Nerida Jarkey (grammar) 10/10 - LEGIT THE BEST TUTOR EVER. So so SO enthusiastic about Japanese grammar. Her bubbly personality and passion are really infectious. She can make something as mind boggling as indirect-causative-passive verbs very interesting. She is so patient when it comes to answering questions and I feel that she really cares about her students. I could go on and on about how great she is, and if I had my way I'd make her teach the whole course by herself. Only minor issue is that, as she is a linguist by training, her explanations are sometimes very technical and grounded in theory (as opposed to the real world). That said, it was really fascinating hearing her talk about the linguistic mechanics which go behind certain language structures.
    Yasuko Claremont (communication) 5/10 - Lovely, sweet woman. Too bad the way she structured her lessons was really bad, and not at all conducive to improving speaking ability. In high school, I remember practising conversation all the time, but in her classes all we did was read out dialogues already written in our textbooks. It was very frustrating that we spent the majority of our so called "communication" class just reading off the textbook. In fact, the only bit of conversation practise we did through out the whole semester was during the final speaking exam, where we had to hold a discussion in Japanese. Needless to say I was ill-prepared for the task given how little in class practise we got.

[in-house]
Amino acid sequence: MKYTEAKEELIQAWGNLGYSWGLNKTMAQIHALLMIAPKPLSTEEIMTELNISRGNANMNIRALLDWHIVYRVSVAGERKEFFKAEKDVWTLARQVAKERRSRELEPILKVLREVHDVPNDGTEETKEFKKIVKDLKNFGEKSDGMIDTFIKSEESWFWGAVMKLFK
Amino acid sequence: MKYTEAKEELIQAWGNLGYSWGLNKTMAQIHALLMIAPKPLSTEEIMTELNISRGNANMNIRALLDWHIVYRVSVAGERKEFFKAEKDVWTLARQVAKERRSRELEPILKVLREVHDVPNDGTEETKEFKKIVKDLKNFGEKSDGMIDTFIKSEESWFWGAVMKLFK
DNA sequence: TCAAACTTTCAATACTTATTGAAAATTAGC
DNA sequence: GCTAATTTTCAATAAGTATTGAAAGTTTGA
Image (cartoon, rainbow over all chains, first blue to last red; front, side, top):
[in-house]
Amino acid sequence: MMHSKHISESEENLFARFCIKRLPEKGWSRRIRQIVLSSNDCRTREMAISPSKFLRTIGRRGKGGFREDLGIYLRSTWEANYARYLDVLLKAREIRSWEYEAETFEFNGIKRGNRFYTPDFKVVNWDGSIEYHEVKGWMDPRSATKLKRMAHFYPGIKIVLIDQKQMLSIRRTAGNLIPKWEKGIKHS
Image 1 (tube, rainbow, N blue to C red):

Interest - 7/10